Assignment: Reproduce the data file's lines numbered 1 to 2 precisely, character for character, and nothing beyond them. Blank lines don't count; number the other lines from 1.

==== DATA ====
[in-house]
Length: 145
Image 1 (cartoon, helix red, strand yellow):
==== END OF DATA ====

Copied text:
[in-house]
Length: 145